“Maybe.” – Little Boy

“What do you mean maybe?” – Mother

Mother walks over to kitchen table.

“These look like your pens and markers.  Someone has been drawing.” – Mother

Mother looks a one of the drawings.

“This has your name on it.  Did you draw it?” – Mother

“Maybe.” – Little Boy

Mother looks closely at the drawing.

“What is the drawing about?” – Mother

“It’s about our family.  First there was you and then daddy.  Then came my big brothers and then came me.” – Little Boy

“Oh.” – Mother

“You are the center of the universe.  You are beginning of it all.” – Little Boy

Mother smiles.

“I’m the center of the universe?  I’ll clean up the mess on the table.” – Mother

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The Power of One Little Word

A conversation between a mother and a teenage son.

Mother and son engage in a conversation.  Mother discusses conversation held with son earlier in the day.

I’m disappointed in the way you handled my simple request this morning.  Your response was very self-centered.” – Mother

“I was in a hurry.  I didn’t have time to help you out.” – Tall Boy

“Yes, you did.  You had time.  I asked you help me with something that was important to me.  I was emotional and needed to know I could count on you.” – Mother

” I know.” – Tall Boy

“Remember to think of others as often as you think of yourself.  Your feelings are important, but so are other people’s.  Hearing how ill my dad is very hard.  I need to know you will support me when times are tough.  I need to know you will be the loving son I’ve raised you to be.” – Mother

“I’m sorry, Mom.  I know things have been hard for you lately.  I love you SO much.” – Tall Boy

Teenage son walks over to mother and gives her a hug.

“I’ve never heard you say that to me before.” – Mother

“Never say what?” – Tall Boy

“Say you love me SO much.” – Mother

“I tell you I love you all the time.” – Tall Boy

“You tell me you love me, but I’ve never heard you say you love me SO much.” – Mother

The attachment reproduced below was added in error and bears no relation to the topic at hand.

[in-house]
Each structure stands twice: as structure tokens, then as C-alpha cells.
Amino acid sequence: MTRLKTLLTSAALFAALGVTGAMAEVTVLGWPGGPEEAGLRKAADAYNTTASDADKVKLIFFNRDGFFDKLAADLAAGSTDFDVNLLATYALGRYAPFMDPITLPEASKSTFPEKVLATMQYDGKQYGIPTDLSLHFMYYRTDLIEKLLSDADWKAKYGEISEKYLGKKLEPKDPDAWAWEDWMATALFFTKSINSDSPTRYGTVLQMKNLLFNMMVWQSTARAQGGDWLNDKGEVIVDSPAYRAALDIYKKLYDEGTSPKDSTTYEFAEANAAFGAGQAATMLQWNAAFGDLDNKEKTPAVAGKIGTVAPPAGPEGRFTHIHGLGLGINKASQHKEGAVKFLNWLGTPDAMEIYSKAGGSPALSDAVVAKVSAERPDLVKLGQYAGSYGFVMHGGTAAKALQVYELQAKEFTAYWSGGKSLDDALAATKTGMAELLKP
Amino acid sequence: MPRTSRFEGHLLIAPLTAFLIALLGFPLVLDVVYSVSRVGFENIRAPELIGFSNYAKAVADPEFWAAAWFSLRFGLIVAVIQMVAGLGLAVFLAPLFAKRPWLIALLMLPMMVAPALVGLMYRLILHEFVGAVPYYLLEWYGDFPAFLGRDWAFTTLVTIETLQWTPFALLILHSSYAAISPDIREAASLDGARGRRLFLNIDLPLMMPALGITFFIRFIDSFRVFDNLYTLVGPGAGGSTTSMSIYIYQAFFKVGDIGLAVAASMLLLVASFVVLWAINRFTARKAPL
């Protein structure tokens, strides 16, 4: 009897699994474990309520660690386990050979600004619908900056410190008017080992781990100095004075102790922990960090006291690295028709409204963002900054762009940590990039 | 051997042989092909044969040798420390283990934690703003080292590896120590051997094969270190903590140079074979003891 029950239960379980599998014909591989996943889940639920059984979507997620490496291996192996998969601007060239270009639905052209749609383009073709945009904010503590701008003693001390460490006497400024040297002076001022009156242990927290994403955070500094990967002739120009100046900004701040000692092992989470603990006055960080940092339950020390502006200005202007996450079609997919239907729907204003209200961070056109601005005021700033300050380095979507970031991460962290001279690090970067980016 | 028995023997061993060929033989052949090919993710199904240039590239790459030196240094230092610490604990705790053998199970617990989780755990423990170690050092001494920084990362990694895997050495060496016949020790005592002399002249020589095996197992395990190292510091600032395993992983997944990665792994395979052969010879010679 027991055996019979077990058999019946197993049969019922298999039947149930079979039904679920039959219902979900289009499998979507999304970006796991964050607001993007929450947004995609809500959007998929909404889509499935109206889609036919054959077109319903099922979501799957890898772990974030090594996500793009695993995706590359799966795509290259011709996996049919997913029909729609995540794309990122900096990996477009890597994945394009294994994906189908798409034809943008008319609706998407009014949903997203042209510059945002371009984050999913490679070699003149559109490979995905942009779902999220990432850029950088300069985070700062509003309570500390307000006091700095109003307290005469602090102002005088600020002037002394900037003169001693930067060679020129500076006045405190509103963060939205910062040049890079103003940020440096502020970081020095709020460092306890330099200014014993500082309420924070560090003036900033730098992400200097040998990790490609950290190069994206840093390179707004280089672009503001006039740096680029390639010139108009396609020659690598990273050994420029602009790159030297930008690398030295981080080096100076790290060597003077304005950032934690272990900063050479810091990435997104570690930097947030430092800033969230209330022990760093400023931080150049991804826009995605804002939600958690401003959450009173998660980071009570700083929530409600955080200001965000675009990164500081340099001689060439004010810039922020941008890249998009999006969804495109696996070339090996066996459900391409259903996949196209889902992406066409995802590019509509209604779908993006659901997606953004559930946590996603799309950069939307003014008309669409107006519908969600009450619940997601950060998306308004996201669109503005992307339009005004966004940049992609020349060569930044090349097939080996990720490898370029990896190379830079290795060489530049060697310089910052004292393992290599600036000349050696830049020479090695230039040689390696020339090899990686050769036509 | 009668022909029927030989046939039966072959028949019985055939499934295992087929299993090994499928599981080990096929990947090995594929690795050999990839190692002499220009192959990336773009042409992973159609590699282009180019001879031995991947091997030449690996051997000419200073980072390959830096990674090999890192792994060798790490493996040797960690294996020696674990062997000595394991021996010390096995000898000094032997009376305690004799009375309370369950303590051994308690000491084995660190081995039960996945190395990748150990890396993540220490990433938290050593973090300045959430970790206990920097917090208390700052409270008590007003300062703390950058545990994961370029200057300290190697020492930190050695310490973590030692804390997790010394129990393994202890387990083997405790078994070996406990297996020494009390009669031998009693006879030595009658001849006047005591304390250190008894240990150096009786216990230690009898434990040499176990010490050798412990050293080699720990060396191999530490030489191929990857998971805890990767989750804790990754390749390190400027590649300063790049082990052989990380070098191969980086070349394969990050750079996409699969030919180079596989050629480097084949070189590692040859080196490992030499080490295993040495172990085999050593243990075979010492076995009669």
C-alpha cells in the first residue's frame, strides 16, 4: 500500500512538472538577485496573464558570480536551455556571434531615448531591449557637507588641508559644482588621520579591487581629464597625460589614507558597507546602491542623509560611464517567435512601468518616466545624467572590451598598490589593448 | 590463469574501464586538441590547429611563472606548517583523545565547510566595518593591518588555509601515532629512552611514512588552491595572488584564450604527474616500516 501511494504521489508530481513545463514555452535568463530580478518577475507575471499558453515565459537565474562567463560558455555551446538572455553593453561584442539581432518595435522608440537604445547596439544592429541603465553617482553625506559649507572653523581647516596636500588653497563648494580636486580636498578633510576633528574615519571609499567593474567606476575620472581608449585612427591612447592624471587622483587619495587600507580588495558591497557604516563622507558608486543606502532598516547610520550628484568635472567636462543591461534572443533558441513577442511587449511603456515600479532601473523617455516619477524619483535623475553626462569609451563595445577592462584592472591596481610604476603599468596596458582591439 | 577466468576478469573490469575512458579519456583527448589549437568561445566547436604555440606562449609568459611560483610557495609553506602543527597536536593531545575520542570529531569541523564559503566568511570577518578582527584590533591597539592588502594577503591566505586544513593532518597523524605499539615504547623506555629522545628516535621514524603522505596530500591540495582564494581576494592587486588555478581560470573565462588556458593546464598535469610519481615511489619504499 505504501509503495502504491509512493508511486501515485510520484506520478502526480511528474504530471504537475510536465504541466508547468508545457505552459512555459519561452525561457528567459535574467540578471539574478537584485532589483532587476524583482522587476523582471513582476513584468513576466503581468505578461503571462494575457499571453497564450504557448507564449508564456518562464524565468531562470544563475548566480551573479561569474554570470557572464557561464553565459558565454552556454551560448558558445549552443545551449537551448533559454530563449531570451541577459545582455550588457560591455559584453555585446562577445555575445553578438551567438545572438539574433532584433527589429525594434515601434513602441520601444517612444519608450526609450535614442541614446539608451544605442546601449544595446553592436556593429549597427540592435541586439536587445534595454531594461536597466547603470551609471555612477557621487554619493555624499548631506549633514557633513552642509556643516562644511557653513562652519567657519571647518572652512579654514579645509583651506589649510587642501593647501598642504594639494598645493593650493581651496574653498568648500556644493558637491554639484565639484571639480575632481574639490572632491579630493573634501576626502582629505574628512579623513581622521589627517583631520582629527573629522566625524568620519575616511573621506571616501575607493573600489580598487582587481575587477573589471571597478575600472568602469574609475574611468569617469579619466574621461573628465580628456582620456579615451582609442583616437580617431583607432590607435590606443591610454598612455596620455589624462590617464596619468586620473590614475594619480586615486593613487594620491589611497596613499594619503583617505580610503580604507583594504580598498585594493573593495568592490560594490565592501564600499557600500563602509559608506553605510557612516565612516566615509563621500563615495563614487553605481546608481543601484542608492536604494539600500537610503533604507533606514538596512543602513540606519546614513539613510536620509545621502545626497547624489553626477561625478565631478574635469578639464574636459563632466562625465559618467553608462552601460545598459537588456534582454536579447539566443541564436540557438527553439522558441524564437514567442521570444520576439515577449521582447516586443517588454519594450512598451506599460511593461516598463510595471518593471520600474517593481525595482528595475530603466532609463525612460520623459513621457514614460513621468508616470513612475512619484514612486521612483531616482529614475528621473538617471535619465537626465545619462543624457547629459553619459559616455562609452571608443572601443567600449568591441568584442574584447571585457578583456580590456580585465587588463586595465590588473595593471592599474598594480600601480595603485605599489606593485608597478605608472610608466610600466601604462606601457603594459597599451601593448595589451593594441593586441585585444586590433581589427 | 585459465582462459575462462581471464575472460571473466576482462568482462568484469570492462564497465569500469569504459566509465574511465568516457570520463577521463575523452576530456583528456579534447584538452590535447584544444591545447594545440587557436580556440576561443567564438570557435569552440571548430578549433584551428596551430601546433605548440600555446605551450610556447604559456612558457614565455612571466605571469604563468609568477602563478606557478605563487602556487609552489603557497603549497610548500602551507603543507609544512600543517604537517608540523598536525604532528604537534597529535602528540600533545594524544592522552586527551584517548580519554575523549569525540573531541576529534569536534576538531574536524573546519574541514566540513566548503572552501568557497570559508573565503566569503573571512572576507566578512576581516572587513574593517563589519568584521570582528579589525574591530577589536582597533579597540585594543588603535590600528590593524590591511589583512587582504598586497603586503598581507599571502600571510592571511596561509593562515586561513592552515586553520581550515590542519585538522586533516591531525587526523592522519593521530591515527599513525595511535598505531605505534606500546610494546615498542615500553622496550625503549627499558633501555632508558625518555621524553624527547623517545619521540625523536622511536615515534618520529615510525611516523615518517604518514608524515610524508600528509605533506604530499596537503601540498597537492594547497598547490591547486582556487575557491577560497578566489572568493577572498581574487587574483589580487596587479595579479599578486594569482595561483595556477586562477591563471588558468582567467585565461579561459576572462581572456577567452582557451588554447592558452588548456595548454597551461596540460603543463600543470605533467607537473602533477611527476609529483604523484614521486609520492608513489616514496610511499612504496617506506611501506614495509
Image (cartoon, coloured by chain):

“I say it everyday I guess just not out loud.” – Tall Boy

Mother smiles.

“I love you SO much too.” – Mother

One little word can change everything.

 

 

Moving Forward

 

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Two weeks ago I made an important decision.  I decided to give notice to my job.  Without going into the details I will say it was difficult choice, but something I had to do.  I left my job for professional and personal reasons.

Leaving my job wasn’t an easy choice.  For weeks I reviewed, debated and discussed reasons for leaving and staying.  In the end leaving won.  Some people have been surprised by my decision, but none of my close friends or family are.  They have listened to me for months talk about issues I have dealt with.

Now that I’ve made the choice to leave my job I must deal with the after effects.  Instead of feeling confident I feel insecure.  I keep thinking about conversations that led up to me leaving wishing I could have handled them better.  Although I know my decision to leave was the best one for me I still feel insecure about it.

Insecurity is something I have dealt with on and off for years and now I am dealing with it again.  There is no cure to being insecure only an acceptance that it exists.  Everyone feels doubtful and insecure at times.  I think it’s normal.  It’s also normal to leave a situation and analyze your self-worth.  I guess that’s what I am going through now. I am wondering what my work value is and how to put it to good use.

Therese J. Borchard has a list of  “suggestions on what to do if you are feeling insecure”.  I recently reviewed her suggestions and found them to be very helpful.